The Weather and Climate of Vermont

Words to Know

 meteorologists

climate

moderate

winter solstice

spring equinox

thaw

mud season

summer solstice

fall equinox

humidity

Indian summer  

Fall in Vermont
Used with Permission from http://www.vtonly.com/foliage.htm

 

            Meteorologists are people who study and predict the weather.  They use instruments and computers to measure and record such things as temperature and precipitation.  Over time, they gather many weather records of temperatures and precipitation for places.  These patterns of weather describe the climate of a place.

 

            The weather is always changing and sometimes difficult to predict, but the climate is more steady.  Vermont's climate is classified as Continental Moist.  (Learn about all of the climate types at this site, http://www.geog.ouc.bc.ca/physgeog/contents/7v.html.)  This means that our summers are usually mild and our winters are cold.  Precipitation is moderate in all seasons.  Vermont has four distinct seasons.  That is why Vermont is sometimes called "the four season state".  (Click on this site to find out about why there are different seasons - http://kids.msfc.nasa.gov/Earth/Seasons/Seasons.asp

 

            Winter officially begins at the winter solstice (December 21 or 22) and ends at the spring equinox (March 21 or 22).  However, the cold weather and snow can arrive sooner and stay much later.  The amount of snow Vermont receives varies from winter to winter and from one region of the state to another.  The lower elevations near Lake Champlain receive about 60 inches of snow each year.  Up to 120 inches of snow may fall each year in the southern Green Mountains.  The average temperature for the winter season is 22 degrees F.  The cold weather is broken up by thaws when temperatures reach 40 or 50 degrees F. and the snow melts.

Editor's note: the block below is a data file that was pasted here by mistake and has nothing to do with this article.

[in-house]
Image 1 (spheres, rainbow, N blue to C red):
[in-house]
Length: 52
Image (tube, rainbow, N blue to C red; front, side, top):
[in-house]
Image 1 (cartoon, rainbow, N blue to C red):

Toward the end of March, the grip of winter begins to weaken.  Signs of spring appear, such as patches of bare ground and precipitation in the form of rain instead of snow.  Melting snow and rain can cause rivers and streams to overflow.  Vermont often experiences floods at this time of the year.  Just a few years ago, when the majority of the roads were still dirt, the "mud season" could bring travel to a standstill.  Schools closed until the roads dried out.

Mud Season in Vermont
Photo from
http://www.vtliving.com/mudseason/index.shtml

 

            Summer is a pleasant season in Vermont.  It officially begins on June 21 or 22 (the summer solstice) and ends on September 21 or 22 (the fall equinox).  Vermont has warm days with very few days reaching above 90 degrees F.  Most of these hot days are accompanied by high humidity which makes us feel sticky and uncomfortable.  This is also the season of quickly moving thunderstorms that can bring damaging hail, wind, and rain.  The highest temperature recorded in Vermont was at Vernon on July 4, 1911.  It was 105 degrees F.  The vast majority of summer days have temperatures in the 70's and 80's.

Summer in Windham Vermont
Picture from http://windhamhill.com/index.html

            Fall, or autumn, in Vermont is considered by many people to be the most beautiful season.  This is the time of the year when the leaves change color.  The hills and valleys become a red and gold wonderland.  Most Vermonters have heard about Indian summer.  It is a warming trend of dry, moderate weather conditions that lasts for several days.  The timing of Indian summer varies from year to year, however, to be a true Indian summer it must occur after the first frost.

 

            Once December arrives, it usually feels as if winter is not far behind.  By mid-December, winter weather has taken hold once again.

Click Here for a matching vocabulary exercise!

Click here for word version of above exercise!

Click here for a graph making exercise!